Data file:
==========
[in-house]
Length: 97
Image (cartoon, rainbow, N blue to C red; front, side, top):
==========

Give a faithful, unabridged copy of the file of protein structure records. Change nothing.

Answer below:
[in-house]
Length: 97
Image (cartoon, rainbow, N blue to C red; front, side, top):